Massena Mayor Timmy J. Currier, who is also co-chairman of the Massena Drug-Free Community Coalition, concluded the event by saying: “If you have yet to be impacted by heroin, it is very likely that you will be in some manner. Many members of this community have joined our drug-free community coalition and are working hard to deal with this issue from every angle. However, real success will only be achieved when every citizen does their part and when we all work together, I am confident we will make great progress and save lives.”
On October 6th, Massena High School hosted a follow-up event specifically geared toward high school freshmen. The U.S. Attorney’s Office participated. The event a featured another screening of Chasing the Dragon and a panel discussion moderated by Ms. Morey, followed by a question-and-answer session.
Additional community events are being planned in several cities across the 32 counties of the Northern District of New York. Events are scheduled in the Watertown, Syracuse, Utica, Plattsburgh and Albany areas. For more information, please contact Marilyn Morey or Emily Gagnon at 518-431-0247, or Marilyn.Morey@usdoj.gov and Emily.Gagnon@usdoj.gov.
On June 7, 2016, U.S. Attorney Richard S. Hartunian testified before the U.S. Senate Judiciary Committee, at a hearing titled “Deadly Synthetic Drugs: The Need to Stay Ahead of Poison Peddlers.” Senators held the hearing as part of their consideration of additional tools for combatting the manufacture, distribution, and use of illicit synthetic drugs. Other witnesses at Tuesday’s hearing included Michael P. Botticelli, Director of the White House Office of National Drug Control Policy; Chuck Rosenberg, Acting Administrator of the Drug Enforcement Administration; and Dr. Douglas C. Throckmorton, Deputy Director of the Food and Drug Administration.
U.S. Attorney Hartunian, who is the Vice Chair of the Attorney General’s Advisory Committee, testified on behalf of the Department of Justice. He highlighted the horrible human costs arising from the abuse of new psychoactive substances, the challenges associated with prosecuting cases under the Controlled Substance Analogue Enforcement Act, and some successful cases. U.S. Attorney Hartunian noted that:
Synthetic drugs are produced overseas by chemists who vary the formulas to stay ahead of the scheduling process; there are significant variations in the toxicity and potency of the unknown mixes of chemicals that pose a significant danger to users and result in delusional, irrational, and combative behavior.
Each prosecution must establish that an analogue was intended for human consumption, notwithstanding its labeling, and has a chemical structure and effect similar to that of a controlled substance, which requires extensive use of expert witnesses.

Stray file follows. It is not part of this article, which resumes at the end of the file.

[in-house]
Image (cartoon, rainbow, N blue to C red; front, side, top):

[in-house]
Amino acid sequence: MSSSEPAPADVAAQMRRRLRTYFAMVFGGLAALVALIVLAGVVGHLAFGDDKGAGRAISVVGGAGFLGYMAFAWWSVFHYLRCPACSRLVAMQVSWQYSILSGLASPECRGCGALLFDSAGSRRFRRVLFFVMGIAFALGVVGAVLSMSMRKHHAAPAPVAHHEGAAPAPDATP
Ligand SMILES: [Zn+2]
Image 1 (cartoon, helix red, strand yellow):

“Neither the legal challenges nor the evasive actions of synthetic drug manufacturers and distributors have deterred our efforts to protect the American public.” In Northern New York, the U.S. Attorney’s Office worked with the DEA to convict 20 defendants in a ring importing multi-kilogram quantities of “Molly” from China and distributing it in the Syracuse area, and to convict John Tebbetts, the owner of nine head shops in Central New York, which sold synthetic cannabinoids and synthetic cathinones (or bath salts). Other offices have achieved similar successes.
The punishment, deterrence, and increased awareness that result from aggressive enforcement are critically important; education, prevention, and rehabilitation also are essential components of a comprehensive solution.
U.S. Attorney Hartunian concluded that, “[O]ur resolve to hold poison peddlers accountable remains unwavering.”
On June 2, 2016, Michael P. Botticelli, the White House’s Director of National Drug Control Policy, visited Albany to join U.S. Attorney Richard S. Hartunian at a community forum on solutions to the opioid epidemic. The forum was held at the Albany College of Pharmacy and Health Sciences, and was livestreamed for national viewing.
Other speakers at the event included New York State Lt. Governor Kathy Hochul; Commissioner Arlene Gonzalez-Sánchez from the New York State Office of Alcohol and Substance Abuse Services (OASAS); Frances M. Harding, Director of the Substance Abuse and Mental Health Services Administration’s (SAMHSA) Center for Substance Abuse Prevention; Albany County Chief Deputy Sheriff Kerry Thompson; Davia Collington, Coordinator of the Troy Drug Free Community Coalition; Dr. Dolores Cimini, the director of a nationally recognized substance abuse prevention program at the University at Albany; a parent advocate with two children in recovery; and a young woman in recovery – proudly clean for two years after over six years in and out of treatment and rehabilitation programs. Many other federal, state, and local officials also participated.
ONDCP Director Botticelli, a native of Troy and Waterford and a Siena College graduate, described the magnitude of the epidemic. Deaths from drug overdoses reached 140 per day in 2015. He described the Administration’s balanced public health and public safety approach to move the country out of crisis and into recovery, including by ensuring that every American who needs treatment can get it, improving prescribing practices, and promoting prevention and greater understanding of addictive disorders.